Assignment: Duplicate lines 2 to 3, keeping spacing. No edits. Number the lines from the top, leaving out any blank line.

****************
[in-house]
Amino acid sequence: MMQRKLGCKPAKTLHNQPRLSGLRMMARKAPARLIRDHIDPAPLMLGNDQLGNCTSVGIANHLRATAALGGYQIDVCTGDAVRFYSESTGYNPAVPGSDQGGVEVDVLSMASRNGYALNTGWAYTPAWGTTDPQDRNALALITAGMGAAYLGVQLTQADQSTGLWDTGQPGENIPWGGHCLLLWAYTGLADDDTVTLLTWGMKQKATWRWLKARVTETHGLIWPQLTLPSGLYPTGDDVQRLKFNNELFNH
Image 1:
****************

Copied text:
Amino acid sequence: MMQRKLGCKPAKTLHNQPRLSGLRMMARKAPARLIRDHIDPAPLMLGNDQLGNCTSVGIANHLRATAALGGYQIDVCTGDAVRFYSESTGYNPAVPGSDQGGVEVDVLSMASRNGYALNTGWAYTPAWGTTDPQDRNALALITAGMGAAYLGVQLTQADQSTGLWDTGQPGENIPWGGHCLLLWAYTGLADDDTVTLLTWGMKQKATWRWLKARVTETHGLIWPQLTLPSGLYPTGDDVQRLKFNNELFNH
Image 1: